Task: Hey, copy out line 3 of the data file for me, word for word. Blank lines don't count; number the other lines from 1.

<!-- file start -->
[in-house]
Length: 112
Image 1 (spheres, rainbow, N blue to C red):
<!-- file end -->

Image 1 (spheres, rainbow, N blue to C red):